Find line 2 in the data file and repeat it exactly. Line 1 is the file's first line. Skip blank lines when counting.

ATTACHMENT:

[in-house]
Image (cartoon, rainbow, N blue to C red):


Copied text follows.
Image (cartoon, rainbow, N blue to C red):